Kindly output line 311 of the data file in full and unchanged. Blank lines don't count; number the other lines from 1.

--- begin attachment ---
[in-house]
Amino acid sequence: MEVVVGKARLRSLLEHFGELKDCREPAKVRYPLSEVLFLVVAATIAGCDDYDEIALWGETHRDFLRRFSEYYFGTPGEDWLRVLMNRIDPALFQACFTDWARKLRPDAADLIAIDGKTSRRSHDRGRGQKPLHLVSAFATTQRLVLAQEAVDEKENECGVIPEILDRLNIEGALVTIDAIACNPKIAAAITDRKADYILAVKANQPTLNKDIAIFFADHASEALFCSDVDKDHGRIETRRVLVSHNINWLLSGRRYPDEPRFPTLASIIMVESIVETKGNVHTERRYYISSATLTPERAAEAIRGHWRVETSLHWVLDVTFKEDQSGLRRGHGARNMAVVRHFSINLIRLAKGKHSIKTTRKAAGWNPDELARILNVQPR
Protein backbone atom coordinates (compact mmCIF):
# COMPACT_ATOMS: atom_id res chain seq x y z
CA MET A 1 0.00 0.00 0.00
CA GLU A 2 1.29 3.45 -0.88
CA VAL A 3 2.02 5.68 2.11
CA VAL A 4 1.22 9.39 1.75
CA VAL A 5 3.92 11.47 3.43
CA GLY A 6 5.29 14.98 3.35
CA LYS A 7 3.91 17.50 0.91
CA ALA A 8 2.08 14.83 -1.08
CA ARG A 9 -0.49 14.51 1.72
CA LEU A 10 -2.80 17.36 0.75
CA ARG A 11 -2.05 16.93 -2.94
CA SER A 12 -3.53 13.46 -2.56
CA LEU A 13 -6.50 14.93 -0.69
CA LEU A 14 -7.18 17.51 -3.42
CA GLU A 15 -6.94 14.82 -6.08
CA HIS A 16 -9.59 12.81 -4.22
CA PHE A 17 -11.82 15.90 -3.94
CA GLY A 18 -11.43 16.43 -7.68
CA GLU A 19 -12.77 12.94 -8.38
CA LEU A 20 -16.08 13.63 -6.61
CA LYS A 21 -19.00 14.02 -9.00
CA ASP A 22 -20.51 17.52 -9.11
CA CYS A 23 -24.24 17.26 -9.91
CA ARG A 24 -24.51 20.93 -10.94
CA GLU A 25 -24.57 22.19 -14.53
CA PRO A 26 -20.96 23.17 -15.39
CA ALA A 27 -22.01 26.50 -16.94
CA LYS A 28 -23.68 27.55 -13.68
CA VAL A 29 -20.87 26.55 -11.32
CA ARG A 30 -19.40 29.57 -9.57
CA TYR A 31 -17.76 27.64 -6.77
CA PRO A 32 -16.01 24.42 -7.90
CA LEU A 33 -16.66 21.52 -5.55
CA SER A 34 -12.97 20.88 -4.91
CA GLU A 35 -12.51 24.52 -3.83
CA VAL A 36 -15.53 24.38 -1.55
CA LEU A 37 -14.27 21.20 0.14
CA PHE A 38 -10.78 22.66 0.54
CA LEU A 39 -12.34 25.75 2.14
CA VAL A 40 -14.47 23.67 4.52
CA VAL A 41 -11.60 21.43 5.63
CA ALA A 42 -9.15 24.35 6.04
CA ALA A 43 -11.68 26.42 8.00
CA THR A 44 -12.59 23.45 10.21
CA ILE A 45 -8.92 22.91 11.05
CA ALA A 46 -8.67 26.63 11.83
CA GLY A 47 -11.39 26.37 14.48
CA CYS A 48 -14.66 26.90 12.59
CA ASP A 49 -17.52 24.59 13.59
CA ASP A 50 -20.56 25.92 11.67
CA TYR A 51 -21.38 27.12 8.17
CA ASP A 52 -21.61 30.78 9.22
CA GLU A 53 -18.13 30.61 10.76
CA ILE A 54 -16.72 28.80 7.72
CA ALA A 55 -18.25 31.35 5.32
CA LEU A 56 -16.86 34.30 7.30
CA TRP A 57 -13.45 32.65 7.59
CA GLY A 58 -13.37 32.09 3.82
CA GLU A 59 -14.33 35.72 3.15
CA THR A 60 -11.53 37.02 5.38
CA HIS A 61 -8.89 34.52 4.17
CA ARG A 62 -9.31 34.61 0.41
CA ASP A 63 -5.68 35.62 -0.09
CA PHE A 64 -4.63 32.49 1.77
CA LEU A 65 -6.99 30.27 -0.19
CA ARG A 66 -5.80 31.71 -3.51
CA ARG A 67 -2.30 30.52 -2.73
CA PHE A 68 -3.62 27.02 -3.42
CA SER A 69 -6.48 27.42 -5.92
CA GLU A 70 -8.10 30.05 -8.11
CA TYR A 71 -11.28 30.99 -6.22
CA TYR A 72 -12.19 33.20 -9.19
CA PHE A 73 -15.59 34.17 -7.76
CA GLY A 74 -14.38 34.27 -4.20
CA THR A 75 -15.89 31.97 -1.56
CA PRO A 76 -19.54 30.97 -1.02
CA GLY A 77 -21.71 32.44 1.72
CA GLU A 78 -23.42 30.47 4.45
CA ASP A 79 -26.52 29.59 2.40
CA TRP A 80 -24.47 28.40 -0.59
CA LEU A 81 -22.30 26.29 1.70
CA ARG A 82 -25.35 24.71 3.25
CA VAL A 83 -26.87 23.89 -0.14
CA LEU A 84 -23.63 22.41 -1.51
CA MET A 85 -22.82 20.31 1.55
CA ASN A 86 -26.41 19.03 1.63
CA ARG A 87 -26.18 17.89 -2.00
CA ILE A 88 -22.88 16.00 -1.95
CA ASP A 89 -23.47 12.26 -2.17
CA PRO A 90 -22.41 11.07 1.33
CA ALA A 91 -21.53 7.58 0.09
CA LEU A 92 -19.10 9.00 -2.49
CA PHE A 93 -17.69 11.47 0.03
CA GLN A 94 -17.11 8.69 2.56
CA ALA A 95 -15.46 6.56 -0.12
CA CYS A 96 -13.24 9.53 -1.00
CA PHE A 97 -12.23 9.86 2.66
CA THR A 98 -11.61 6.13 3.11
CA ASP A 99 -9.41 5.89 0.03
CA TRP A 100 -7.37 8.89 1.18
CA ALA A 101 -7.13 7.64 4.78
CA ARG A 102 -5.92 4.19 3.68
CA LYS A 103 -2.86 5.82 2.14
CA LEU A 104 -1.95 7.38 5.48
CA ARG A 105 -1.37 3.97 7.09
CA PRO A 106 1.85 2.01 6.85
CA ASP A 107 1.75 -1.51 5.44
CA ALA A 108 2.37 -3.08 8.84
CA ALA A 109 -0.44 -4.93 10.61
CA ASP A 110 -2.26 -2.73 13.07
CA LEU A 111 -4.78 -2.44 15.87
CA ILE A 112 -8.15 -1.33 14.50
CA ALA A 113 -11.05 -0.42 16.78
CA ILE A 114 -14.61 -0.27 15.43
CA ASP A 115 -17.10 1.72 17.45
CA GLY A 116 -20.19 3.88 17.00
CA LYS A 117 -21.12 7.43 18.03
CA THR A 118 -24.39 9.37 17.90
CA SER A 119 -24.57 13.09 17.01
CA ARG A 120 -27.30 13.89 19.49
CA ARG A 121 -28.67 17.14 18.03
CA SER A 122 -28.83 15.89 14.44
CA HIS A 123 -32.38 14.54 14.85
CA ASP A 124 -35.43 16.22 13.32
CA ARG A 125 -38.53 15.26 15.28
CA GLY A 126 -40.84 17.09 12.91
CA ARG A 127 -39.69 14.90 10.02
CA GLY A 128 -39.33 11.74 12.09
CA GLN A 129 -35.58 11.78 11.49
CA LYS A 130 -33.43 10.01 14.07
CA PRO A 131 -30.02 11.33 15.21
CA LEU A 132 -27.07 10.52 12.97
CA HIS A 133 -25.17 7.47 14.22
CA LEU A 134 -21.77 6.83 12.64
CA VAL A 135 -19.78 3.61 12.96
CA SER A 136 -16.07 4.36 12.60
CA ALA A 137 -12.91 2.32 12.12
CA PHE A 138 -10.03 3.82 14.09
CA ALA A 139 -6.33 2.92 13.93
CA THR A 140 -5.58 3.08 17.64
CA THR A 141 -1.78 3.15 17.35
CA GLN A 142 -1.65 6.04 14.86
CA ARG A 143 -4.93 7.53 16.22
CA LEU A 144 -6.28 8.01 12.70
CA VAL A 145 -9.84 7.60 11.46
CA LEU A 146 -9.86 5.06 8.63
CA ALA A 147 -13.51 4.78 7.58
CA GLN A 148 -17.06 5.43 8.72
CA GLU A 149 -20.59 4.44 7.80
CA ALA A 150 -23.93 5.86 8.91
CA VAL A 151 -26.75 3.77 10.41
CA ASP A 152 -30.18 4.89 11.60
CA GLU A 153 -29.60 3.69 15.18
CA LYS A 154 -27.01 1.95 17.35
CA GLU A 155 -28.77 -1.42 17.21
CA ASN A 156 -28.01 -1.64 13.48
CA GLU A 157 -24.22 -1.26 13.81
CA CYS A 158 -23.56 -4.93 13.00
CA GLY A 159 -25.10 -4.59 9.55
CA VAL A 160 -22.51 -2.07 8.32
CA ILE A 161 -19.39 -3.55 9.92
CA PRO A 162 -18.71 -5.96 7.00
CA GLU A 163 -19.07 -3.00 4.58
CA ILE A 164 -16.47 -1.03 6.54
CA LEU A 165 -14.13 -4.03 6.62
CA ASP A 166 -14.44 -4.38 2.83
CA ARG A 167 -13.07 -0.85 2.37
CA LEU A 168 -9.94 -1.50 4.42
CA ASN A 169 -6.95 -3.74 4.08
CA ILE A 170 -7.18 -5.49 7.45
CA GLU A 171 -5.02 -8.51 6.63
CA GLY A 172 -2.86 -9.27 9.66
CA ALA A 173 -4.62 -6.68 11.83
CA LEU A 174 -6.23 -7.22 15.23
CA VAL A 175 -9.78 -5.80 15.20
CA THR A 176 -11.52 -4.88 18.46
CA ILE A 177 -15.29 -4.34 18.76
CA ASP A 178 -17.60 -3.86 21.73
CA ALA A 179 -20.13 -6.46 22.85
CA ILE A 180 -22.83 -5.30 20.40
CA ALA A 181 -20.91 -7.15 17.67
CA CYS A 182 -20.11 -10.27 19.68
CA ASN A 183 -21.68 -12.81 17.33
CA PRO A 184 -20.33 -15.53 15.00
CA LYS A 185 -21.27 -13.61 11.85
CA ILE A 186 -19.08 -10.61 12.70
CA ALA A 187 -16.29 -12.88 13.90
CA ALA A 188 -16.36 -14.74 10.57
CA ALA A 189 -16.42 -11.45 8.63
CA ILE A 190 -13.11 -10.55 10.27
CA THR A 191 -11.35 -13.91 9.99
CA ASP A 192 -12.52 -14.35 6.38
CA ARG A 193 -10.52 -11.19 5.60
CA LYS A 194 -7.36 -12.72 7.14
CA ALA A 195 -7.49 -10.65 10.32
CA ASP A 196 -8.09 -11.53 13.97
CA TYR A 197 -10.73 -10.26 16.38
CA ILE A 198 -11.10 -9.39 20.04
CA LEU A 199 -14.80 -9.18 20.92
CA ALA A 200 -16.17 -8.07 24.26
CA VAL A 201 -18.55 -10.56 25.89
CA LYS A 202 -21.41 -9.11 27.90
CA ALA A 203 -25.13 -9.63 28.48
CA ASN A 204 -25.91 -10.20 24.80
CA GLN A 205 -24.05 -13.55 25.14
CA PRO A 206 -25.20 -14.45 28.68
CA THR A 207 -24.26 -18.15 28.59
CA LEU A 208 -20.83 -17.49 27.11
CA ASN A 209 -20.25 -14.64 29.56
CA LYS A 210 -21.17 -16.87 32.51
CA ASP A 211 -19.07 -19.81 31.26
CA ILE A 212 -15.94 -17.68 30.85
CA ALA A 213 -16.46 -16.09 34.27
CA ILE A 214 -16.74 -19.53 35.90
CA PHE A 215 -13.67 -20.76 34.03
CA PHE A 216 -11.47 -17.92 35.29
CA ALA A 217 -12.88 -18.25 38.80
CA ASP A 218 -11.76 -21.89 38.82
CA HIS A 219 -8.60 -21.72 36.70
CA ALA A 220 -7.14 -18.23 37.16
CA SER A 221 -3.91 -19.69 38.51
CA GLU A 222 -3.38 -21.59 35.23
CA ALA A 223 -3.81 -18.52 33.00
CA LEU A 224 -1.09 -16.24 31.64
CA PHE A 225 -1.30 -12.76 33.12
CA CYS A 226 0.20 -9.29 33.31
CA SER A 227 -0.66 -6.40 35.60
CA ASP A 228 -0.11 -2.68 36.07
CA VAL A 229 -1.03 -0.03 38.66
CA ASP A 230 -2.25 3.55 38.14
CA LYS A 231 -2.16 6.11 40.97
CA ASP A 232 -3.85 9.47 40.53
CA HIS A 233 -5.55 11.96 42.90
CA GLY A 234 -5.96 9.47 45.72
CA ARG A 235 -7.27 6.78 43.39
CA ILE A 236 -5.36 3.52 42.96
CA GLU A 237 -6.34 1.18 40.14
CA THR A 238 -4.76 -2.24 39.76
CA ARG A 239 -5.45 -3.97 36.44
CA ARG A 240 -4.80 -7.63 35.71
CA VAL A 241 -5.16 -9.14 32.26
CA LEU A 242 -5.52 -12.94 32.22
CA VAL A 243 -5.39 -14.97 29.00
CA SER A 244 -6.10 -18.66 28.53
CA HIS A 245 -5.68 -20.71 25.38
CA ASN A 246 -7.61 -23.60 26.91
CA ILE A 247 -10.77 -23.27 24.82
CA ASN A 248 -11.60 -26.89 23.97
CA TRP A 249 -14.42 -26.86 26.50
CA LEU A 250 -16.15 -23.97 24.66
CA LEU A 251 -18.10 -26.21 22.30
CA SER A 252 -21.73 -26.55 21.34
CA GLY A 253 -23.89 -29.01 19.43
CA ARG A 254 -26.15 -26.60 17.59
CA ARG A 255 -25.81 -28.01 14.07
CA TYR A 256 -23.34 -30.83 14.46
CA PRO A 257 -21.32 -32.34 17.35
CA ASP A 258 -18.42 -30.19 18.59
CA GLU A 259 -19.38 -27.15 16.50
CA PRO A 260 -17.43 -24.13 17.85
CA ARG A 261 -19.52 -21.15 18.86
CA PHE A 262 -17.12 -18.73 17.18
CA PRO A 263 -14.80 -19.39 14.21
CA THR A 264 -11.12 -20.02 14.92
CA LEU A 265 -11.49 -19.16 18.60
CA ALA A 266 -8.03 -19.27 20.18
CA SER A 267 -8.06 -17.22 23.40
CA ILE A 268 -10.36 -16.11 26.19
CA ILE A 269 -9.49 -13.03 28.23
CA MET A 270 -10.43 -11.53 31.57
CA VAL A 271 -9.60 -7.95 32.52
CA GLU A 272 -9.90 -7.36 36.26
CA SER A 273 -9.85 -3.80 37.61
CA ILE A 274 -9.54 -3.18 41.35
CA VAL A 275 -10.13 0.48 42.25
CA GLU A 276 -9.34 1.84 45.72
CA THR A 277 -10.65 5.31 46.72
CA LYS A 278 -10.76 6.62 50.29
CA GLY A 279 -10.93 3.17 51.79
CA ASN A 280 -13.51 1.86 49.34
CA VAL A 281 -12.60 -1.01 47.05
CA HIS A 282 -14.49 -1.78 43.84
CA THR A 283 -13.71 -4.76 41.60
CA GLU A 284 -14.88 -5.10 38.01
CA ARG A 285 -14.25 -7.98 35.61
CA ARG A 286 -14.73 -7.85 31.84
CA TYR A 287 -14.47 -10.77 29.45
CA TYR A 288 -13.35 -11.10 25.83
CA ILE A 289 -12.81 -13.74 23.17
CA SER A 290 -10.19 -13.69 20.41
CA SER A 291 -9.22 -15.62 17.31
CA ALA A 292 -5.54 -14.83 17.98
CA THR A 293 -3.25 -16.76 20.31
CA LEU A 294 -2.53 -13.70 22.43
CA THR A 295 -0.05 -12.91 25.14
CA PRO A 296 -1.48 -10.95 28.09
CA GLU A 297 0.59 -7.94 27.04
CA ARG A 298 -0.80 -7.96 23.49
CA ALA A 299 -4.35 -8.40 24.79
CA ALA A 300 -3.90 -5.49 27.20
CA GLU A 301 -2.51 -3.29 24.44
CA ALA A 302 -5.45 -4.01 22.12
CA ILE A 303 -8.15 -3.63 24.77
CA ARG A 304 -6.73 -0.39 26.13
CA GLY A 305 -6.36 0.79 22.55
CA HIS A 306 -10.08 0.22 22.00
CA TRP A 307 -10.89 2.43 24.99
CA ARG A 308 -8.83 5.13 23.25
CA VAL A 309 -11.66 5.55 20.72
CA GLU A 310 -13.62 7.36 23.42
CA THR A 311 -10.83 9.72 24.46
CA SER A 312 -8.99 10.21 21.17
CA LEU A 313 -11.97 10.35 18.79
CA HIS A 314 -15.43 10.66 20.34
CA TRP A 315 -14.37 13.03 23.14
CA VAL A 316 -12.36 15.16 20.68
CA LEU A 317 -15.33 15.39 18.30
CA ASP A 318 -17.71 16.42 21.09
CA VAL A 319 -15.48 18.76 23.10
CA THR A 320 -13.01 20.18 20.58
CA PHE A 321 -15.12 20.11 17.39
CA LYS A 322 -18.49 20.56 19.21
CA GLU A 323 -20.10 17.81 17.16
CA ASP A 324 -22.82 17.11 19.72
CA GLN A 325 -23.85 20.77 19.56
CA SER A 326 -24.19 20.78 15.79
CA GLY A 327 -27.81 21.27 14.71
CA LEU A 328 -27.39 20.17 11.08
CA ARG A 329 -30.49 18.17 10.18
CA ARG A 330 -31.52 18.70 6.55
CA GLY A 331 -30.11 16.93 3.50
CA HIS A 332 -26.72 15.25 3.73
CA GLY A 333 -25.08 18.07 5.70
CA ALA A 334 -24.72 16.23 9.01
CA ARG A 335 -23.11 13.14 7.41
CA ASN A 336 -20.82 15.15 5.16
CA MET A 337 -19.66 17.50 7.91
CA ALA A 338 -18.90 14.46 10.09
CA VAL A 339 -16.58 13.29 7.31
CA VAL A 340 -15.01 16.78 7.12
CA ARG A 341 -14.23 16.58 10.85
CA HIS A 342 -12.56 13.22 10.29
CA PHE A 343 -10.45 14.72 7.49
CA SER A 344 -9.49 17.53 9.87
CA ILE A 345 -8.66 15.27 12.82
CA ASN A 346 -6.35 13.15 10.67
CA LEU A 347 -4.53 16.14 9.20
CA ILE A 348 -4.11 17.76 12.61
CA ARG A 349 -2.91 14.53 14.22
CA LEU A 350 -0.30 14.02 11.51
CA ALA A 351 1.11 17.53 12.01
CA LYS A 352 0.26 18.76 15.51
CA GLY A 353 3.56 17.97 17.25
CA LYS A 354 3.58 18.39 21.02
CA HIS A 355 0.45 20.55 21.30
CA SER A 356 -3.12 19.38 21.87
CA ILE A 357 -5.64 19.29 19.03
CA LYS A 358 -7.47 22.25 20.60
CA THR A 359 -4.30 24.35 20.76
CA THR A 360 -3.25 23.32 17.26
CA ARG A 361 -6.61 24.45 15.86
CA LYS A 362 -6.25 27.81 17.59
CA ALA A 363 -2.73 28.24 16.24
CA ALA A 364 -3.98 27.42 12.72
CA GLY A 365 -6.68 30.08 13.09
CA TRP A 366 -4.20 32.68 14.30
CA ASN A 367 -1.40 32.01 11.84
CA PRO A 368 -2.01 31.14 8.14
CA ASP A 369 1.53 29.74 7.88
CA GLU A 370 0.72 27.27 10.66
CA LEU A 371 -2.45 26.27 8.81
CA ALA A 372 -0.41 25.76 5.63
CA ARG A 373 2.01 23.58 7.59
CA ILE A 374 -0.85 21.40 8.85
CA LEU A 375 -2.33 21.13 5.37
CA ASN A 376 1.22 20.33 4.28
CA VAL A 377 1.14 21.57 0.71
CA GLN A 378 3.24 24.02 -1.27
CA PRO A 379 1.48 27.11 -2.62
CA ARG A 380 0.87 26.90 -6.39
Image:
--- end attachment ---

CA TRP A 307 -10.89 2.43 24.99